Arrest Rates Against Race Literature Review Chapter

Pages: 7 (2270 words)  ·  Bibliography Sources: 7  ·  Level: College Senior  ·  Topic: Race

SAMPLE EXCERPT:

[. . .] However, the probability model will solely focus on the disparities among the whites, Hispanics and black arrest rates, assuming any possible bias within the judicial systems. This model will estimate the frequency differences in criminal activities between the whites and blacks. As well, it will take control for the correlated factors and frequencies of crime commitments against race. Under this estimation, if the correlation between the ratio of whites and blacks to the whites' arrests is greater than one, then that will elicit the evidence of racial bias within the policing methods.

As stated by Shah and Pease (1992), there exists a problem in studying the arrest data- overcoming the potential reporting bias against crimes. Several research results reveal that the whites report crimes more frequently than the non-whites. This elucidates the fact that the blacks commit a greater number of crimes on the whites than the rate at which the whites commit crimes on blacks upon the population control for the racial proportions.

Data Methodology

In this research, a cross sectional analysis on the variations of the ratio of black and white arrests will be performed since the ratio of black to white populations varies across the states. The target source of data for this research will be from two sources: (i) the BJS (Bureau of Justice Statistics), which will provide crime data with regards to race at state levels, and (ii) the ACS (American Community Survey) which will provide socio-economic data from the U.S. nationally representative samples. The research team will then sort this data by race and then aggregate it up to state levels in order to come up with measures on how the whites and blacks differ in terms of socio-economic sense within every state (Becker, 1968).

A mathematical framework will be necessary to calculate and explain the empirical results (Jones & Luo, 1999). To do this, the ratio of the black to white arrests will be examined by the following formula:

The Ratio of Black to White Arrests = blacks arrested/whites arrested

= {B x P (B)} / {W x P (W)}

Where W = number of whites

B= number of blacks

P (W) = P (CW)P (AW CW) = the probability of the arrested white individuals

P (B) = P (CB) P (AB CB) = probability of the arrested black individuals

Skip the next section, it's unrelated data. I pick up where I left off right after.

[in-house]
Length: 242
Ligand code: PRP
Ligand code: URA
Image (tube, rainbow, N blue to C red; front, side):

P (Ar Cr) = the probability that an individual is arrested given a crime has been committed

P (Cr) = probability that an individual commits a crime

Thus, the ratio changes of blacks to whites within a state influences the ratio of black to white arrests, depending on the probabilities that every group will undergo and arrest for any criminal offense. If the whites and blacks have equal probabilities of arrest, a single unit-change in the ratios of blacks to whites will lead to equal change (unit change) in the racial composition of arrests (Jones & Luo, 1999).

Conclusion

In an attempt to explain the relationships and disparities in arrest rates the whites, blacks and Hispanics, there is a challenge arising due to the two competing explanations. The first explanation considers the differing frequencies of criminal activities; while the second explanation encloses the aspect of racial bias within the police methods, or it may encompass both explanations. Most of the research documents elicit that the black individuals are three or four times likely to involve in criminal activities; hence warranting them more arrest cases as compared to whites. This scenario, thereby, explains their stand for the disparities in arrest rates among diverse races within the U.S., as well as the other western nations. Using a probability model and formula given above, this research will serve to investigate and analyze the possible reasons for the existing disparities in criminal arrest rates against the human race. Under the assumption that no racial bias exists within the police methods, this research will scrutinize the relationship between race and arrest rates and some of the reasons for the wide disparities.

References

Becker, G.S. (1968). Crime and punishment: An economic approach. Journal of Political

Economy,76(7), 172-216.

Blumstein, A. (1982). Racial Disproportionality of the United States' prison populations.

Journal of Criminal Law and Criminology,73(2) 159-181.

Bowles, R. & Pradiptyo, R. (2005). Young adults in the criminal justice system: Cost and benefit considerations. Economics and Psychology, 47(3), 27-61.

Butler, P. (2010). One hundred years of race and crime. Journal of Criminal Law & Criminology, 99, 143-160.

Jones, R. & Luo, Y. (1999). The culture of poverty and African-American culture: An empiricalassessment. Sociological Perspectives, 42(3), 439 -- 458.

Shah, R. & Pease, K. (1992).Crime, race,… [END OF PREVIEW]

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